influenced their sexual narratives.My findings highlight that there is a gap between what girls and young women are learning and what they are experiencing. Overall, my thesis advocates for a meaningful and appropriate sex education that provides students – and girls, in particular – with the knowledge they need to make healthy sexual choices.

Generally speaking, how has the CHYS program affected where you are currently?

The program helped me develop my views and opinions on the world and who I want to
be in it. It inspired to become part of the culture of change; currently, I practice this by teaching my students to be respectful and mindful global citizens.

Advice for future students in the Child and Youth Studies program:

Get involved! Join a sport, club or committee. If a professor is working on a research
project that you feel passionate about, approach them about working with them. Doors
will not open for you unless you go knocking, Seek opportunities, it will really broaden
and brighten your entire university experience.

Lindsay Booker

Year of graduation: 2008
Hometown: Ajax, Ontario
Currently lives in: Calgary, Alberta

Thesis title

An Assessment of Autism Knowledge in the Medical Field

Advisor

Tricia Vause

What are you currently doing?

I graduated from Brock’s Master’s in Child and Youth Studies program and went on to complete my PhD in School Psychology at the University of Nebraska- Lincoln. I completed my pre-doctoral internship at the Munroe-Meyer Institute at the University of Nebraska Medical Center where I chose to stay and complete my post-doctoral fellowship the following year. I started my career in Nebraska with the same organization as an Assistant Professor. My primary focus was on clinical work in the area of integrated primary care, providing psychological services to children and their families within their medical setting with a goal of providing comprehensive care. After almost 10 years in Nebraska, and following both my marriage and the birth of my two boys, my family and I made the decision to relocate to Calgary, Alberta.  I accepted a position in a group child psychology private practice. I continue to provide outpatient psychological services to children, adolescents, and young adults (and their families) through both treatment and assessment. The transition to private practice has allowed me to find a great balance in doing the work I love and spending time with my family. We have quickly grown to love the breathtaking landscape and all that Calgary has to offer.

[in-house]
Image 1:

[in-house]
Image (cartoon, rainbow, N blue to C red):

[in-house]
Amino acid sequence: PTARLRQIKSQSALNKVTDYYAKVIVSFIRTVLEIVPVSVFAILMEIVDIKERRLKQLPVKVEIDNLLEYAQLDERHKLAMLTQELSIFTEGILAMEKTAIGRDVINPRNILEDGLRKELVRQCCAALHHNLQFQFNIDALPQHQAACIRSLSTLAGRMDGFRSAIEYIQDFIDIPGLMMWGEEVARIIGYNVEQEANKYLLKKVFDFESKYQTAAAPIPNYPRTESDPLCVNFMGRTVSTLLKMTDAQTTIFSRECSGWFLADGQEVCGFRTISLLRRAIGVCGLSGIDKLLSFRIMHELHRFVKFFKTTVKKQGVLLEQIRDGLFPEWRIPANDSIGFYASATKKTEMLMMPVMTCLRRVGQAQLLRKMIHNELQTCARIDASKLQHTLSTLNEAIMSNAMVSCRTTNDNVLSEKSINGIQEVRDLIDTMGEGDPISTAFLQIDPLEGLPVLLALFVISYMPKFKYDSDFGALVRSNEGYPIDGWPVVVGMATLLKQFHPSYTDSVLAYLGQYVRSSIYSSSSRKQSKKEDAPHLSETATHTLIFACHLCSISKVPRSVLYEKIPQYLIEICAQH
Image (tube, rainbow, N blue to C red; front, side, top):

Why did you choose the Child and Youth Studies program?

I completed my Bachelor’s degree at Brock in Child Health and knew I wanted more experience in the field. I made many great relationships with the faculty in the child and youth studies department and appreciated the breadth of research and vast opportunities the department provided. Staying at Brock to complete my Master’s was an easy choice and a natural next step that allowed me to develop closer relationships with faculty, gain more research and teaching experience and eventually provided me with great networking opportunities for the next step of my education and career.

What was your research focus?

My research focused broadly in the area of autism spectrum disorders. I had always had a strong interest in the medical field and was able to combine these research interests for my Master’s thesis.

Generally speaking, how has the CHYS program affected where you are currently?

The CHYS Master’s program was absolutely the stepping-stone to my career. My Master’s thesis advisor provided networking opportunities that led me to my PhD program in School Psychology and  I even ended up completing my pre-doctoral internship at the same place she did. The CHYS Master’s program also prepared me tremendously for success in my doctoral program, not only with knowledge it equipped me with, but direct experience and preparation in the areas of research and teaching.